The UK Autumn Statement: as expected, but no less impactful on markets

The Autumn Statement was well telegraphed and – mostly – arrived as expected. How will it affect the economy and markets?

What was announced by the chancellor?

The chancellor Jeremy Hunt unveiled a multi-year programme of fiscal tightening, although it is somewhat backloaded – which is unsurprising as the next election will probably take place in 2024 – and less aggressive than we had predicted.

In a sharp reversal from the Truss government’s ‘Growth Plan’ of just a few weeks of ago, £45 billion of tax cuts are being replaced by £55 billion of fiscal tightening, broken down into £30 billion of spending cuts and £25 billion of tax rises.

Still, the Office for Budget Responsibility (OBR) notes that as a result of the announcements, ‘the tax burden rises from 33.1% of Gross Domestic Product (GDP) in 2019-20 to 37.1% of GDP at the forecast horizon’. That said, the tax rises, which are equivalent to an average of 1.25% of GDP over the plan’s five-year forecast horizon, are well below the spending increases, which amount to some 3.75% of GDP.

This means that deficits and debt levels will remain quite high over the medium term – even considering rather buoyant GDP growth forecasts from 2025. Although fiscal policy becomes less expansionary this year and next, outright policy tightening will only really begin in fiscal year 2024-25.

Government borrowing is still going to rise

Despite all the ‘austerity budget’ headlines in the media, this Autumn Statement cements the trend in public borrowing that has been evident since the mini budget in September: gross gilt issuance is still set to increase significantly in the years to come.

The Central Government Net Cash Requirement (CGNCR) – the amount of money the government needs to borrow every year to pay for public spending – is forecast to hit £136 billion in fiscal year 2022-23, equivalent to 5.4% of GDP. This is far in excess of the official forecast of £94 billion back in March. And in fiscal year 2023-24 the OBR expects CGNCR to surge to £188 billion – 7.3% of GDP. Over the medium term, CGNCR deficits are forecast to remain substantial at £109 billion – 3.6% of GDP – in fiscal year 2027-28.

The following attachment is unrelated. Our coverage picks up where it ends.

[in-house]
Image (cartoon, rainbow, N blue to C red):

Increased near-term borrowing reflects a sharp increase in public spending, mainly due to measures to cushion the economy from cost-of-living pressures. These measures, including the energy price guarantee (EPG), are expected to cost £43.2 billion (1.7% of GDP) in fiscal year 2022-23 and £25 billion (1.0% of GDP) in fiscal year 2023-24. High inflation and higher debt-servicing costs will also result in increased government spending.

Meanwhile, the EPG cap will be raised from the current £2,500 to £3,000 in April 2023. This means there will be some upside inflation impact but significantly less than if the support had been withdrawn entirely and the domestic price cap raised in line with market pricing to around £3,700.

The impact on rates: gilt yields set to increase

As the market digests the details of the announcement, we expect increased recognition (from markets broadly and investors specifically) of just how high government spending actually is. The only time in the last decade that gross gilt issuance has been as high as it is expected to be next fiscal year (and beyond) was during the covid crisis, at which time the Bank of England was undertaking a vast programme of quantitative easing.

Now, not only is the Bank of England no longer buying bonds, it is actively selling them back to the market. To compound matters, it intends to step up its quantitative tightening by starting to sell its temporary purchases of long-dated gilts and index-linked gilts by the end of November. This represents a sea-change in the supply of gilts.

To make matters worse, the additional gilt supply comes against a backdrop of limited additional demand. It’s hard to see an environment in which the usual buyers of gilts – foreign investors and liability-driven investment (LDI) managers – feel compelled to up their purchases to keep pace with supply. Natural buyers, at these yield levels, may be hard to find. As such, we expect gilt yields to rise. Our forecast is for 10-year gilt yields to rise to 4.3% by H2 next year before eventually settling closer to 4% by the end of 2023.

Get in touch

To learn more about the latest trends shaping the UK economy and how they could affect your business, get in touch with your NatWest representative or contact us here.


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